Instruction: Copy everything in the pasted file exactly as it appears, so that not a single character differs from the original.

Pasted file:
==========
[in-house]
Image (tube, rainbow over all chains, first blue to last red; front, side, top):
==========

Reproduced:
[in-house]
Image (tube, rainbow over all chains, first blue to last red; front, side, top):